While teams had often had a sixth man standing behind them to motivate and encourage players, the concept of coaching was not instantly adopted in Counter-Strike. Their role in traditional sports is support, whether it be in-game or out-of-game, as well as developing tactics. In Counter-Strike, professional coaching took time to take off. In the modern game, their role has become very important. Teams like Liquid, coached by Wilton “zews” Prado, owe a lot of their success to their coaches.
The Good Old Days
The first widely known Counter-Strike team to use a proper coach was NiP, who bought Faruk “pita” Pita from SK Gaming going into autumn 2014. They initially hired him as they were struggling ahead of the ESL One Cologne 2014 Major. With the help of pita, NiP won their first ever Major, at least in part proving how important coaches are.
The role of the coach has changed over the years though. Back in 2015 and early 2016, traditional in-game leaders began to make way for new talents on their teams. They would then become the coach, leading behind the players. This gradually became the fashion. Teams such as mousesports, who replaced veteran leader Fatih “gob b” Dayik with young rifler Timo “Spiidi” Richter, and NaVi, who replaced Danylo “Zeus” Teslyenko with Oleksandr “s1mple” Kostyliev, were amongst those who joined the trend. It soon became the case that most teams joined in; after all, why not replace a poorly performing and now pointless in-game leader with a star rifler?
Valve hated this trend, so to the shock of everybody in the scene, clamped down. In August 2016, the publisher announced new, strict coaching rules. While coaches used to have unrestricted speech mid-game, that was now limited to “warmup, half-time and one of four 30-second timeouts”. Valve defended themselves, giving reasoning for the rule, saying “We intend the Majors and Minors to be events that can be won by any team of 5 players that demonstrate excellence in all skills of CS”. There was not one notable figure within the scene who quickly jumped to defend Valve. After all, the traditional rules allowed more new talent to shine and teams to play flashier Counter-Strike. Regardless, the move came just a few short months before the ELEAGUE Major Atlanta. The ruling almost definitely had an impact. For example, NiP were eliminated in a shocking affair to Vega Squadron. Their coach Bjrn “THREAT” Pers had been leading, but due to the ruling Richard “Xizt” Landstrom took the reins. Ensuingly, the Swedes were annihilated 16-2. The winner of the tournament was Astralis, a team captained by Lukas “gla1ve” Rossander. He had been leading Astralis for a decent amount of time as a player. Indeed, this is not a coincidence.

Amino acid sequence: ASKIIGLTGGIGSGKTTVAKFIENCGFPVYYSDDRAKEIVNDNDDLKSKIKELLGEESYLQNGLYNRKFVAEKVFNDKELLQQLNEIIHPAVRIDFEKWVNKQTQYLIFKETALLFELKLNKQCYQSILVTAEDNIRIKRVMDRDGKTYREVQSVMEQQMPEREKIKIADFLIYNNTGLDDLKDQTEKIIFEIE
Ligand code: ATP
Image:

The Present Day
By 2018, teams have easily assimilated to the new rules. Veteran leaders like Zeus have returned to top-tier Counter-Strike, and gla1ve of Astralis is setting the standard globally. In the modern game though, the main difference is how coaches have become almost necessary. TyLoo, at #20, is the highest HLTV-ranked team without a coach, although they have recently announced their impending search for one. Most teams from the top to the bottom of the Counter-Strike scene favour employing a coach, and it is uncommon that coaches do not work out; albeit not impossible.
Large organisations have invested in excellent out-of-game support for players. Players have psychiatrists, fitness coaches and more at their disposal. At the centre of the support staff lies the coach. Using Astralis as an example, coach Danny “zonic” Sorensen is absolutely key to their game. Their free-flowing, dynamic style largely stems from zonic himself. Back in 1.6, his team mTw.dk were the first team to adopt this kind of style, under his leadership. No other team could match their in-game swagger. He has brought that to Astralis in 2018, who have expanded his tactics to forge a new way of playing Counter-Strike.
What is the Future of Coaching?
With influential coaches like zonic building fresh tactical styles within Counter-Strike teams, the effects of Valve’s ruling are now minimal. In all honesty, a significant amendment, or a complete reversal, on the coaching rules would have a slow impact on Counter-Strike. Top teams pride themselves on their leaders, gla1ve and Zeus of Astralis and NaVi as the prime examples. They will not be leaving their teams any time soon, especially gla1ve considering his success, even in the event of a reversal. Coaches are just as much player managers, keeping players close and solving any disputes, as they are in-game managers. Their role is very important becoming more so in the fact of how vital they are for teams. All in all, coaches are important in the modern-day scene, and should their role be freed-up, it is doubtful many teams will flock to the changes.